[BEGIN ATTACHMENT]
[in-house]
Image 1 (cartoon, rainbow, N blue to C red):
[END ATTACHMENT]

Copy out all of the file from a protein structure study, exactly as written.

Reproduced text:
[in-house]
Image 1 (cartoon, rainbow, N blue to C red):